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Latest TVs, laptops and more at this year's CES
January 15, 2017, 2:42 pm

While Samsung, Sony, Panasonic, LG and other big-name tech vendors were busy launching their latest products to the masses thronging the floors of CES 2017, lesser known names were equally eager to try and make a mark at the annual technology extravaganza.

While there can be little doubt that it was a TV gala this year, there were plenty of great smartphones, laptops, PCs and other gizmos to admire, including cameras, drones, robots, monitors, smart home device and more at this year's Computer Electronic Show in Las Vegas.

In no particular order, here are 11 highlights from CES 2017, covering everything from big name reveals to a few wild cards that really impressed the crowds.

LG's Signature W OLED TV is an absolute stunner

It was arguably LG that stole the show at CES 2017, showing off a slew of new high-spec sets, not least its amazing new LG Signature OLED W7, which the company describes as the “lightest, thinnest, and most beautiful TV on the planet."

Measuring a wafer-thin 2.57mm, it's a true "picture-in-wall" telly, as LG has chosen to describe it, and will come available in 65-inch and 77-inch models running a new version of LG's custom TV software, webOS 3.5 – generally regarded as the best on the market. Pricing and a release date have yet to be confirmed

Sony joins the OLED party in style

As expected, Sony finally joined the OLED party at CES 2017, announcing its first 'proper' OLED TV, the AE1 Quite apart from being an OLED TV, which is awesome; it has a 'unique' way of producing sound. Instead of speakers or a soundbar, which is the common way many slim TVs give you sound, the AE1 literally vibrates the TV panel to produce sound.

In other words, the sound comes straight from the screen, which comes in 55-inch, 65-inch, and 77-inch models. It was arguably the most exciting TV to be launched at CES 2017.

Wireless HTC Vive is a VR game-changer

There were rumors of something big coming out from HTC at CES 2017, and the company did not disappoint. It significantly bolstered its Vive range with a slew of new accessories to play with, not least the semi-mythical TPCast-designed add-on that makes your HTC Vive VR experience completely wireless.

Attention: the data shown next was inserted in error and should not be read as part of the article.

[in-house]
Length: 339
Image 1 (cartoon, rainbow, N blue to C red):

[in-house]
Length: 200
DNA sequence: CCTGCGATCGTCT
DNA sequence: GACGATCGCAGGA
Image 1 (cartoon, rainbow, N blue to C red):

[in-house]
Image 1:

The company also launched a bunch of new software, most notably the world's first VR subscription service, which it claims will be "Netflix for virtual reality."

Samsung launches its 'QLED' TV range

At CES 2017, Samsung launched its new class of 'QLED' TVs. There are three new high-end sets coming in all: the flat Samsung Q9F, curved Q8C, and the Q7, which is available in both flat and curved models.

The QLED range replaces Samsung's SUHD TVs as the firm's flagship line, with the new models set to be available in four sizes: 55, 65, 75 and 88 inches.

Pricing and a release date have yet to be confirmed, but we understand the new QLED sets are likely to start shipping to select regions in March 2017.

Asus ZenFone learns to Tango

Handsets aren't front and center at CES like TVs are, but 2017 produced a few interesting new phones, not least the Asus ZenFone AR. Asus in fact unveiled two new mobiles, but while there is plenty to like about the ZenFone 3 Zoom, it was the firm's augmented reality effort that really stood out, as it is just the second phone to integrate Google's Project Tango AR tech.

It also supports Daydream VR, and while Asus' insistence on adding a truly hideous skin to Android Nougat hinders the overall experience slightly, the new Asus device was a genuinely exciting draw, which is no small feat given the cavernous size of products on display at CES.